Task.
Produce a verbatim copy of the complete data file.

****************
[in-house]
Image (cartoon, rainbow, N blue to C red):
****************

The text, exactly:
[in-house]
Image (cartoon, rainbow, N blue to C red):